Is TinyDuino appropriate for beginners?

Justind000

  • Newbie
  • *
    • Posts: 3
    • View Profile
Hello,

I stumbled on this website while researching arduino boards. I'm completely new to arduino and micro controllers in general. I have years of experience in programming however. Would this be appropriate for me, or should I get myself a regular sized Arduino Due? I have a specific project in mind and the smaller the better, that's what has kept my interest in this rather than a larger board.


TinyCircuits

  • Administrator
  • Hero Member
  • *****
    • Posts: 107
    • View Profile
    • TinyCircuits Homepage
Hi Justin,

Thanks for your interest!  As a complete beginner, realistically an Arduino Uno or Due is probably a better bet, just because there easier to play around with things and get a feel for electronics and the Arduino platform.  That being said, it's not that hard to jump straight to a TinyDuino, but it is a slight bit more advanced than a standard Arduno.  Most people with a little Arduino experience can pick it up in no time, but for someone completely new to it, it may be easier to start with a standard Arduino then transition to a Tiny later.

Thanks!

Ken
TinyCircuits


KeithJRome

  • Full Member
  • ***
    • Posts: 29
    • View Profile
It also depends a lot on what kind of programming you have been doing. If you use C/C++ a lot already, then you will find it very easy and might outgrow a standard Arduino in just a day or two. On the other hand, if you're not very familiar with C or have never done bitwise arithmetic, then you might benefit from spending some time with a standard Arduino first while you go through the tutorials on arduino.cc and get a feel for the language and how to interface with the hardware.

Of course standard Arduino UNO are pretty cheap and it doesn't really hurt to have one around anyway.


Justind000

  • Newbie
  • *
    • Posts: 3
    • View Profile
Thanks for the replies. My programming experience runs from x86 ASM to Windows NET framework.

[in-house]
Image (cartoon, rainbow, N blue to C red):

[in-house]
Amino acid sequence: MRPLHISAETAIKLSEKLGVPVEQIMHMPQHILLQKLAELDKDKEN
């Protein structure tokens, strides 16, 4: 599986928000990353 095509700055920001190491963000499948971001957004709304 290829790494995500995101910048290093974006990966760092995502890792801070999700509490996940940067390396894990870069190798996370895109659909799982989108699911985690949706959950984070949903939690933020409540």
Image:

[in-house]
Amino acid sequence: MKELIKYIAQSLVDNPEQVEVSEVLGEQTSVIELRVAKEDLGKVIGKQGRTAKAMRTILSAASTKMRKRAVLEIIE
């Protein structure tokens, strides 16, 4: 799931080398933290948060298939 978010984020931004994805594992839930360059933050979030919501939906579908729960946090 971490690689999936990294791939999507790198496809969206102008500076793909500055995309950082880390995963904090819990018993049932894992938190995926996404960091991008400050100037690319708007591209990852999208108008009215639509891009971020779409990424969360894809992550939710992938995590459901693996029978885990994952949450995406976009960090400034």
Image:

The thing that had me a bit confused when looking at sketches designed for a regular arduino board was the pin names didn't match. As a quick example:
http://arduino.cc/en/Tutorial/AnalogReadSerial
connects to the A0 and reads a value. Looking at the TinyDuino proto boards, there is no A0. I'm guessing the equivalent would be AD0? Working from my very limited knowledge base, it seems the only real difference is the naming convention.


KeithJRome

  • Full Member
  • ***
    • Posts: 29
    • View Profile
Ken has another post on the forum that explains the pin layout in a pretty straightforward way: http://forum.tiny-circuits.com/index.php?topic=126.0

I also have a wide range of programming language background, with most of my time over the last decade entrenched in .NET. Writing Arduino or native AVR code (I prefer the latter since the Arduino IDE is atrocious) is a nice break from that. Plus I've really been enjoying learning Verilog HDL for my fpga board, which is entirely unlike any software programming that I have ever done.

You'll probably find it very easy to ramp up on the Arduino platform - it was designed to be approachable by non-programmers, so those of us with a programming background have a bit of a leg up already.



darksheep

  • Jr. Member
  • **
    • Posts: 6
    • View Profile
My friend is new to arduino and I gave him a TinyDuino, TinyShield USB & ICP and a TinyShield Proto Board 1.
I then soldered some female headers on the TinyShield Proto Board 1 and he has done  a lot of examples form the net using this setup.
For the pin question I pointed him to the forum post that explains the pins and he has worked it out for himself.

May be someone can make a table or something to make it easier for new people to work it out ,I donít have a pc where I am now so itís a but hard.

TinyDuino : http://tiny-circuits.com/shop/tinyduino-processor-board/
TinyShield USB & ICP : http://tiny-circuits.com/shop/usb_icp_tinyshield/
TinyShield Proto Board 1: http://tiny-circuits.com/shop/tinyshield-proto-board-1/

Female headers :http://www.ebay.com/itm/10-Pcs-2mm-Pitch-20-Pin-Female-Single-Row-Straight-Pin-Header-Strip-/181118896067?pt=LH_DefaultDomain_0&hash=item2a2b8707c3

You can use any headers you like with 2mm spacing,I just go these and then cut them in to 4 rows of 8


EKMallon

  • Full Member
  • ***
    • Posts: 27
    • View Profile
    • The Cave Pearl Project
Re: Tiny Duino for beginners?

After putting full headers on two protoboards (which was a bit challenging...), I would add one thing about the tiny duinos that while obvious, but might not be apparent to a real beginner: You need to be pretty darned good at soldering to work on boards this small (Especially on protoboard 1). If you haven't had much practice there, then I would recommend you buy a few protoboards and just try to solder ten wires to each one, in holes right beside each other.  If you get through that without bridging any contacts, then you know you are good to go, at least on the physical side of things.  Otherwise it might be good to start on a bigger board with bigger contacts pads.


 

SMF spam blocked by CleanTalk